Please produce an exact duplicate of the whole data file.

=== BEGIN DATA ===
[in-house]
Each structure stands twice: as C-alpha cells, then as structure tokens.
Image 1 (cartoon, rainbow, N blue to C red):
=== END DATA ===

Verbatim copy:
[in-house]
Each structure stands twice: as C-alpha cells, then as structure tokens.
Image 1 (cartoon, rainbow, N blue to C red):